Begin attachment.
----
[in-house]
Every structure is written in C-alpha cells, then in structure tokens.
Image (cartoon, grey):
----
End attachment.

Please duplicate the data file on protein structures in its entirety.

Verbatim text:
[in-house]
Every structure is written in C-alpha cells, then in structure tokens.
Image (cartoon, grey):